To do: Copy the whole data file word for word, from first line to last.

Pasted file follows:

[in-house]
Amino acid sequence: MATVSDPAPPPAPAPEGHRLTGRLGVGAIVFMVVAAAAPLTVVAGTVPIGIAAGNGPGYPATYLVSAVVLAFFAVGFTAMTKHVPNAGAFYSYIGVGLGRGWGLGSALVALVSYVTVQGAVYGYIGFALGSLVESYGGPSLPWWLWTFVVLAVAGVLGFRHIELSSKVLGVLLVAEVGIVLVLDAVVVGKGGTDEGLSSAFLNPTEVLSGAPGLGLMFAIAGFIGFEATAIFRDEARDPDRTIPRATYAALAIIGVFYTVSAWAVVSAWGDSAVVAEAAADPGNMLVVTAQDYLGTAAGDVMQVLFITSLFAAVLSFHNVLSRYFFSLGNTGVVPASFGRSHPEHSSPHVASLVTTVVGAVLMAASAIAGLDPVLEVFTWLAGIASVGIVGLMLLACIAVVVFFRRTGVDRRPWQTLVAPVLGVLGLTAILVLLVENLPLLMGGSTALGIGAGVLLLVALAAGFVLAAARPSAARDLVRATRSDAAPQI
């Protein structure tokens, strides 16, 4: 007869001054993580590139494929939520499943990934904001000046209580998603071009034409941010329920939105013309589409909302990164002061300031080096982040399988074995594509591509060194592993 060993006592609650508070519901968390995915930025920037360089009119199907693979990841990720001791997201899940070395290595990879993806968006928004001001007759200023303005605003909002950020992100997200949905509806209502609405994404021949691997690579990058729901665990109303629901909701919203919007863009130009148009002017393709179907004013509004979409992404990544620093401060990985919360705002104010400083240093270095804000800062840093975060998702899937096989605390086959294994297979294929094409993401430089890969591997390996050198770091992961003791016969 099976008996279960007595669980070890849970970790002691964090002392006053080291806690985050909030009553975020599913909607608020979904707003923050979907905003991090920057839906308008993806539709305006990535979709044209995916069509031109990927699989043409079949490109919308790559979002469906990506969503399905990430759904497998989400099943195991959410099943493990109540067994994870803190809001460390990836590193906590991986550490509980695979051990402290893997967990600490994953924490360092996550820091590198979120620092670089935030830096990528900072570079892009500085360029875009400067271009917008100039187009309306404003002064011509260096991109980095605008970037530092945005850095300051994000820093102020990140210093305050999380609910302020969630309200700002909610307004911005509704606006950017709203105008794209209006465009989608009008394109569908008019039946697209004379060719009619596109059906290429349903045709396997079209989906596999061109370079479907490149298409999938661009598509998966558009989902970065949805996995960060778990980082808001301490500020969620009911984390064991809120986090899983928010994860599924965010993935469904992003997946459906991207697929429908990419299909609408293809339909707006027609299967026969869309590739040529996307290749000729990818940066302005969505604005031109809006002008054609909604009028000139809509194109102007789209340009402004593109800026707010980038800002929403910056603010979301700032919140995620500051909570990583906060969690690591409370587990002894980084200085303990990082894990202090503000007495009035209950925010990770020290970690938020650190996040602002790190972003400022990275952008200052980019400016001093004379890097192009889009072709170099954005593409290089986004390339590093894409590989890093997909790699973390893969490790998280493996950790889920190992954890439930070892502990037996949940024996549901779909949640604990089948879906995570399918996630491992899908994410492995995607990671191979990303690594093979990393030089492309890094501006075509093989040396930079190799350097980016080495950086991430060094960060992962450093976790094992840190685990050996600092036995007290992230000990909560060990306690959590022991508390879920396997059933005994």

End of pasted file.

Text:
[in-house]
Amino acid sequence: MATVSDPAPPPAPAPEGHRLTGRLGVGAIVFMVVAAAAPLTVVAGTVPIGIAAGNGPGYPATYLVSAVVLAFFAVGFTAMTKHVPNAGAFYSYIGVGLGRGWGLGSALVALVSYVTVQGAVYGYIGFALGSLVESYGGPSLPWWLWTFVVLAVAGVLGFRHIELSSKVLGVLLVAEVGIVLVLDAVVVGKGGTDEGLSSAFLNPTEVLSGAPGLGLMFAIAGFIGFEATAIFRDEARDPDRTIPRATYAALAIIGVFYTVSAWAVVSAWGDSAVVAEAAADPGNMLVVTAQDYLGTAAGDVMQVLFITSLFAAVLSFHNVLSRYFFSLGNTGVVPASFGRSHPEHSSPHVASLVTTVVGAVLMAASAIAGLDPVLEVFTWLAGIASVGIVGLMLLACIAVVVFFRRTGVDRRPWQTLVAPVLGVLGLTAILVLLVENLPLLMGGSTALGIGAGVLLLVALAAGFVLAAARPSAARDLVRATRSDAAPQI
């Protein structure tokens, strides 16, 4: 007869001054993580590139494929939520499943990934904001000046209580998603071009034409941010329920939105013309589409909302990164002061300031080096982040399988074995594509591509060194592993 060993006592609650508070519901968390995915930025920037360089009119199907693979990841990720001791997201899940070395290595990879993806968006928004001001007759200023303005605003909002950020992100997200949905509806209502609405994404021949691997690579990058729901665990109303629901909701919203919007863009130009148009002017393709179907004013509004979409992404990544620093401060990985919360705002104010400083240093270095804000800062840093975060998702899937096989605390086959294994297979294929094409993401430089890969591997390996050198770091992961003791016969 099976008996279960007595669980070890849970970790002691964090002392006053080291806690985050909030009553975020599913909607608020979904707003923050979907905003991090920057839906308008993806539709305006990535979709044209995916069509031109990927699989043409079949490109919308790559979002469906990506969503399905990430759904497998989400099943195991959410099943493990109540067994994870803190809001460390990836590193906590991986550490509980695979051990402290893997967990600490994953924490360092996550820091590198979120620092670089935030830096990528900072570079892009500085360029875009400067271009917008100039187009309306404003002064011509260096991109980095605008970037530092945005850095300051994000820093102020990140210093305050999380609910302020969630309200700002909610307004911005509704606006950017709203105008794209209006465009989608009008394109569908008019039946697209004379060719009619596109059906290429349903045709396997079209989906596999061109370079479907490149298409999938661009598509998966558009989902970065949805996995960060778990980082808001301490500020969620009911984390064991809120986090899983928010994860599924965010993935469904992003997946459906991207697929429908990419299909609408293809339909707006027609299967026969869309590739040529996307290749000729990818940066302005969505604005031109809006002008054609909604009028000139809509194109102007789209340009402004593109800026707010980038800002929403910056603010979301700032919140995620500051909570990583906060969690690591409370587990002894980084200085303990990082894990202090503000007495009035209950925010990770020290970690938020650190996040602002790190972003400022990275952008200052980019400016001093004379890097192009889009072709170099954005593409290089986004390339590093894409590989890093997909790699973390893969490790998280493996950790889920190992954890439930070892502990037996949940024996549901779909949640604990089948879906995570399918996630491992899908994410492995995607990671191979990303690594093979990393030089492309890094501006075509093989040396930079190799350097980016080495950086991430060094960060992962450093976790094992840190685990050996600092036995007290992230000990909560060990306690959590022991508390879920396997059933005994």